Rural development minister Jairam Ramesh recommended the Comptroller and Auditor General review the Rs 40,000 crore-a-year Mahatma Gandhi National Rural Employment Guarantee Scheme fearing widespread swindling of funds and did not want his reputation sullied, HT has learnt.
"Ramesh did not want to be caught napping by adverse audit reports," an official said. The minister recently attacked Uttar Pradesh for largescale irregularities in implementing the scheme.
Rural activists, too, have alleged indiscriminate bungling of funds. "The scale of fraud being unearthed in Ajmer district is alarming," said Nikhil Dey of the Mazdoor Kisan Shakti Sangathan, a nonprofit that advised the government in preparing the programme.
Not only has Ramesh asked the CAG to check accounts under the rural job scheme, but he has also asked them to initiate a more rigorous process than was previously planned by the top auditors.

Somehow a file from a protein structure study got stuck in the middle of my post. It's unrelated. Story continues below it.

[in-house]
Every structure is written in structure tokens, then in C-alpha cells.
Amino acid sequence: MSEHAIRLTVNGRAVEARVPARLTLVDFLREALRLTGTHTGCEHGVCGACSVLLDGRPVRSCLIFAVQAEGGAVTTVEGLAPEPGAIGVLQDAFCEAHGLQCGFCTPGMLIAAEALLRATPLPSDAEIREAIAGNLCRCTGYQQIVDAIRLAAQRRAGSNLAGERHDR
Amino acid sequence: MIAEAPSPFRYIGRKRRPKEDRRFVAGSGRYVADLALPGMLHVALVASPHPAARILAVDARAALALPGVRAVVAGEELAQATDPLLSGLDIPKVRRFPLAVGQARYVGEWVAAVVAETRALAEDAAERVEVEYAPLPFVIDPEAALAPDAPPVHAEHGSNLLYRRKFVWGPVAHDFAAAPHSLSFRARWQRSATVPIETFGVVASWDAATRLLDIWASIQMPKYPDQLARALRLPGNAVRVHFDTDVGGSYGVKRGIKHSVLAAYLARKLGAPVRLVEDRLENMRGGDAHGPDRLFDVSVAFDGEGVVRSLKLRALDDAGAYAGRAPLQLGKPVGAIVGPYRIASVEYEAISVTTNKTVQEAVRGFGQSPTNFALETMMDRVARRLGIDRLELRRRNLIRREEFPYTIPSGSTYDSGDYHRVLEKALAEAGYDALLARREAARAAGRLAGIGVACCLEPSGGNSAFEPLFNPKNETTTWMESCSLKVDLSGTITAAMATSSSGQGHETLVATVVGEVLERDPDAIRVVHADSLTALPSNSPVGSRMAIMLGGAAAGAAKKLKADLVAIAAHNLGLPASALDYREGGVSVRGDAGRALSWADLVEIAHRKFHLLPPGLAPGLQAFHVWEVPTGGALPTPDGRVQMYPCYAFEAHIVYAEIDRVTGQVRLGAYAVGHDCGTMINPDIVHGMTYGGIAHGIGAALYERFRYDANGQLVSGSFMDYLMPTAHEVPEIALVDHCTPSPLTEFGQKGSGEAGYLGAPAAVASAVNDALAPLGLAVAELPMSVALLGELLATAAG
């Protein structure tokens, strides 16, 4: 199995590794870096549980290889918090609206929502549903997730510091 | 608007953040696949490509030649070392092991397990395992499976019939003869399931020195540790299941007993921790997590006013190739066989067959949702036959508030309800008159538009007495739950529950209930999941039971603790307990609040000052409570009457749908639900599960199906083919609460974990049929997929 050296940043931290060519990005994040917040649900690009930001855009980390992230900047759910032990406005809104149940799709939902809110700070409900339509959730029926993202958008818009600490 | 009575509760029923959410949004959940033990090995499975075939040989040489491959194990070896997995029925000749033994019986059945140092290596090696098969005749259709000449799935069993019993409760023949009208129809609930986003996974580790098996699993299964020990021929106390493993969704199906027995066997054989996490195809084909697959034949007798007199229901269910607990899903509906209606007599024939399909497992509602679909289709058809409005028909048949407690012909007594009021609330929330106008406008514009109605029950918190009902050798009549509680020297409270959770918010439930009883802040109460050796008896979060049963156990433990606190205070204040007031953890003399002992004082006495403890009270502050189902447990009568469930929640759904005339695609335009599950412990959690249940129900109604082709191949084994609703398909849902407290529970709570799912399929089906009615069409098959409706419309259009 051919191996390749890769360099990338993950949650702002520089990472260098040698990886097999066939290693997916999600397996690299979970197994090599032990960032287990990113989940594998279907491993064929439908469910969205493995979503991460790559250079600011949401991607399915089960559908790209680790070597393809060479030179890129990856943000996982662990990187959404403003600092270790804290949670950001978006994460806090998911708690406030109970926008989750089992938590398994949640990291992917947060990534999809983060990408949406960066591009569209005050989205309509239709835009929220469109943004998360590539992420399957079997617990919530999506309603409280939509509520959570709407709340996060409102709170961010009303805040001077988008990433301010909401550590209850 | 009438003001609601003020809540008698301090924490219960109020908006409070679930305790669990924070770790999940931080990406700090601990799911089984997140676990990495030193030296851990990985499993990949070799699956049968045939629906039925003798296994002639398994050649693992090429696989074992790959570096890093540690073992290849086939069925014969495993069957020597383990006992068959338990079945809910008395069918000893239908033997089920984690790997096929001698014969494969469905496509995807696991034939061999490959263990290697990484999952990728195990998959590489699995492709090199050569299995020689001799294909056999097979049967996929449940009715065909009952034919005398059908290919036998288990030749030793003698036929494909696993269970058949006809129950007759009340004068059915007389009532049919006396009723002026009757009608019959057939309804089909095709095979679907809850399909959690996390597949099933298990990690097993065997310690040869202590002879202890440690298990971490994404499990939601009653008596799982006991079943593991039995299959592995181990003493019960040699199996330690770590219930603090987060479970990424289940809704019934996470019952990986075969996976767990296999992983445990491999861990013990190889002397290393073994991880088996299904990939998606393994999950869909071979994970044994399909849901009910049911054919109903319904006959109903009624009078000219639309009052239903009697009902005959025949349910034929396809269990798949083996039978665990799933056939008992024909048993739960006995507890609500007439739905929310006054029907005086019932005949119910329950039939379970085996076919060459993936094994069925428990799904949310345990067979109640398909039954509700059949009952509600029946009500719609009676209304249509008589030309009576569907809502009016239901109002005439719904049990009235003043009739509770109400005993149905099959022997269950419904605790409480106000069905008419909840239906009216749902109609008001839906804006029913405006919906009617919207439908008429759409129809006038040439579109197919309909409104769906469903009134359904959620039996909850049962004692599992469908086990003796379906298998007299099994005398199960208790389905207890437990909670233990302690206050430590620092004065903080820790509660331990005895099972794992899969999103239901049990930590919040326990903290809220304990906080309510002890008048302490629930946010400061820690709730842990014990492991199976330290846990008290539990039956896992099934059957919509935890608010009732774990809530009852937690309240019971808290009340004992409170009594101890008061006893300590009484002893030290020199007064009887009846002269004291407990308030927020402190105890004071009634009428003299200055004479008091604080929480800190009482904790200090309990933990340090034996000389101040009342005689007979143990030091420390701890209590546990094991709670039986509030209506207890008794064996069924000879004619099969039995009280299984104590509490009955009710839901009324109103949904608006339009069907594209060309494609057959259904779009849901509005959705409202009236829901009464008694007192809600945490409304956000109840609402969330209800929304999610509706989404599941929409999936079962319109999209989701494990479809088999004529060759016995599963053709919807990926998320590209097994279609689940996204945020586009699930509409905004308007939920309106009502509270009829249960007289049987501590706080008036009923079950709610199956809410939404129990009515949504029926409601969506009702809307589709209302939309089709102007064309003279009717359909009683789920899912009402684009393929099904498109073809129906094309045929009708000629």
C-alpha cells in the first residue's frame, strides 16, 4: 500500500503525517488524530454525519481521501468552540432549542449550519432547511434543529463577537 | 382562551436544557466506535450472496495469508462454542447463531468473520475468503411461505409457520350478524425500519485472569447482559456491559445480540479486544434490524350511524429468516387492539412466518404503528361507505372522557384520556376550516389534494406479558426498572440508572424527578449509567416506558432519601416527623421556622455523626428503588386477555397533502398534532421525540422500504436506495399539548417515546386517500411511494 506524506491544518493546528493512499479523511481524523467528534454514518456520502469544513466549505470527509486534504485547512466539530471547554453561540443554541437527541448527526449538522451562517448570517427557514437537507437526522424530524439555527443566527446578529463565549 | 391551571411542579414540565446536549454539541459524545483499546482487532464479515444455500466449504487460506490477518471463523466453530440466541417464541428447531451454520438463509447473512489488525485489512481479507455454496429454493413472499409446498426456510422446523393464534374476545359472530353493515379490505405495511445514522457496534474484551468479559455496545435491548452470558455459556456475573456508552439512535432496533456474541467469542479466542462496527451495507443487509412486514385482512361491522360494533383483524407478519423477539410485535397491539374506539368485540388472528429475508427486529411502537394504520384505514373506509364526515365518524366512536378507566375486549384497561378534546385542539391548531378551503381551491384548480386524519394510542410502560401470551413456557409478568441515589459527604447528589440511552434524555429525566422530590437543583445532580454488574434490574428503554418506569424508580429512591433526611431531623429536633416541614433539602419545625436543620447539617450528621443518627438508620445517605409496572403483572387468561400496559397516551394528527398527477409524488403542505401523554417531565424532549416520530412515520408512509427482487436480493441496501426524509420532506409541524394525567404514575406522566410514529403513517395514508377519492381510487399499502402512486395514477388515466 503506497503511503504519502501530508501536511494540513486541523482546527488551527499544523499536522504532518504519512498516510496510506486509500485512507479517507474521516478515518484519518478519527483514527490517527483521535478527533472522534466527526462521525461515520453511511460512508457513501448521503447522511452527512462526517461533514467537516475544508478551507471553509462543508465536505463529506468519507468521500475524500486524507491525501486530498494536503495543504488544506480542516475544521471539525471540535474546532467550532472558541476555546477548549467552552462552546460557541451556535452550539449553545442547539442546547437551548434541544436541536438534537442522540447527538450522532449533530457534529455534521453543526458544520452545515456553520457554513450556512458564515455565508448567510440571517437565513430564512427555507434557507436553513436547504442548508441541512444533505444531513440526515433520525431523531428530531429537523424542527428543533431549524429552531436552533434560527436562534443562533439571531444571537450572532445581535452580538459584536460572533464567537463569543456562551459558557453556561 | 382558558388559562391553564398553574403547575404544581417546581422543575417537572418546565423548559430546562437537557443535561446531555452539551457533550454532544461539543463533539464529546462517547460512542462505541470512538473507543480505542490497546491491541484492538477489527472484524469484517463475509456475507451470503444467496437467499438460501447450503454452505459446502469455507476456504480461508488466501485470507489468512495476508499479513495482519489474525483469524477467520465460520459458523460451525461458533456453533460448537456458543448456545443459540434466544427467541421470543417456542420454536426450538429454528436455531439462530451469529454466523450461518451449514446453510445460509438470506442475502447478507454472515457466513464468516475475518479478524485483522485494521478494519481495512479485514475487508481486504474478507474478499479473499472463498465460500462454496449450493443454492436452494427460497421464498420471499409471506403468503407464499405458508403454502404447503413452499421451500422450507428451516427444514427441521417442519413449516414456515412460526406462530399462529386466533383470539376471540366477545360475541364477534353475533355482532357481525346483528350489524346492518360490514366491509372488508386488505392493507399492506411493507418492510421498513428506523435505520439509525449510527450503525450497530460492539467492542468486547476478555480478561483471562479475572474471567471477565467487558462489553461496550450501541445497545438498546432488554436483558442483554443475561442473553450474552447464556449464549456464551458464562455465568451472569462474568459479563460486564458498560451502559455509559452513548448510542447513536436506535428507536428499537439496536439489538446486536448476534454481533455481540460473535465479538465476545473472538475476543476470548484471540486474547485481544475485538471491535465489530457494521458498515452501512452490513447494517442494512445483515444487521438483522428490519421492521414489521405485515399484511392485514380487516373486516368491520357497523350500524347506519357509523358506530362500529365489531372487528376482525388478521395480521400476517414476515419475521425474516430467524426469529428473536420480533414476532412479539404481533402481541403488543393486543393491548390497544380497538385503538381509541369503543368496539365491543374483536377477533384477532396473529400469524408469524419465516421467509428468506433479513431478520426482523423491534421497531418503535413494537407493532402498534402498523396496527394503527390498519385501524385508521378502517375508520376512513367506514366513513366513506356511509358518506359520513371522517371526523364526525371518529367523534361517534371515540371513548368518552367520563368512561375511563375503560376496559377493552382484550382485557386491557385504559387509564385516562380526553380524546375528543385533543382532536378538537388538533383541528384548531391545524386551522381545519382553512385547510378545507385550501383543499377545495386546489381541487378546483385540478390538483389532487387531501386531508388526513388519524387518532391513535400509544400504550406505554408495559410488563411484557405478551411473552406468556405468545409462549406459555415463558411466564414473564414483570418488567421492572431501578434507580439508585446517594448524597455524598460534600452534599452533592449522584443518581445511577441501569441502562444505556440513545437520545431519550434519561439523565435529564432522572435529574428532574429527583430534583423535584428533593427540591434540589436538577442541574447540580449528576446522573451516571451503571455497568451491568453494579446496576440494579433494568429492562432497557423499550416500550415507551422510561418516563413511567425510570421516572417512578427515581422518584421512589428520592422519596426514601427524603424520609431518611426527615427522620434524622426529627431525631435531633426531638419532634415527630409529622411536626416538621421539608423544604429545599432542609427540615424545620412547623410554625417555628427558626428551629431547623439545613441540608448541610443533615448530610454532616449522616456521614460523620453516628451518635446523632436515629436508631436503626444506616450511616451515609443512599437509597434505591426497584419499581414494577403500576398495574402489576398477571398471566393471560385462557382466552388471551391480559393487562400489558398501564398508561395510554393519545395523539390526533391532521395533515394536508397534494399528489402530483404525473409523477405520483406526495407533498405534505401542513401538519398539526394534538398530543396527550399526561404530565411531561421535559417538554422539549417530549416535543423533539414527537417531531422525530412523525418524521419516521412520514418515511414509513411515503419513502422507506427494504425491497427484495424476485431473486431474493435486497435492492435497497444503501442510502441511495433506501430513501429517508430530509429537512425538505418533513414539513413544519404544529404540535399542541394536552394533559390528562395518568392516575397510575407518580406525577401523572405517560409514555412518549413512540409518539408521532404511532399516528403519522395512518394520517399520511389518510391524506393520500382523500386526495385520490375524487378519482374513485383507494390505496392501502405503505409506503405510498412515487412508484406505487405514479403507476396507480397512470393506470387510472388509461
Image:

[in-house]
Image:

The model suggested by the minister involves checking of rural job plan scheme accounts across the country, down to the panchayat level.
The MGNREGA audit could be the toughest yet for the CAG, which suffers from a manpower crunch. CAG also proposes to recommend the government's recruitment authorities to hire more staff. Though this could be time-consuming, the CAG wants more staff because Ramesh has sought a twice-yearly audits from now on.
The CAG has already started pulling out its field officers to re-deploy them exclusively for audit of the scheme.
Ramesh's call for the first-ever audit of the social welfare programme had startled many inside the government, which has been rocked by scandals uncovered by damning audit reports from the CAG.
Since 2006, the landmark scheme has guaranteed 100 days of work a year for unskilled labourers. Initially, beneficiaries were paid R100 a day. The wages have since been indexed to inflation.